When inviting a doula into your birth or postpartum experience it is very important to make sure that the doula is a good match for your family.  Many doulas offer a complimentary consult to answer questions and provide a face-to-face meeting for an expectant couple.  It’s important to ask a doula about her training, certification, birth and parenting philosophy, and previous birth and postpartum experience.  A doula may be certified or in-training from an organization such as Doulas of North America (DONA).  DONA is recognized as the oldest, largest and most respected doula association in the world.  The rates for a doula will vary based on your geographic location and the doula’s experience.  Typical rates for the Philadelphia and Main Line area range from $600 for a doula-in-training up to $1200 for an experienced doula.  A doula supports both mom and her partner in having their best birth and parenting experience. If you are interested in learning more, or wish to hire a doula and live in Southeast Pennsylvania, Southern New Jersey, or Northern Delaware please visit our website.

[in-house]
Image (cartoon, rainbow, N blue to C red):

Nikki Graham and Christina Duff are two of the amazing educators at Well Born Baby; a team of Certified Doulas, Childbirth Educators, Professional Counselors, and Lactation Consultants empowering women in Philadelphia, along the Main Line, and the surrounding suburbs to become confident mothers.  They prepare you for the big day from helping you write a birth plan to informing you of your choices surrounding your baby’s birth.  After you welcome your little one, they're on hand to help as you navigate the world of motherhood. Follow Well Born Baby on Facebook.